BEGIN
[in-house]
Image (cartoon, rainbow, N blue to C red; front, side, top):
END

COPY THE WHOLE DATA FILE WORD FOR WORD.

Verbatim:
[in-house]
Image (cartoon, rainbow, N blue to C red; front, side, top):